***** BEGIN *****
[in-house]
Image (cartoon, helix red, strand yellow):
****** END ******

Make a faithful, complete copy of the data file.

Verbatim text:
[in-house]
Image (cartoon, helix red, strand yellow):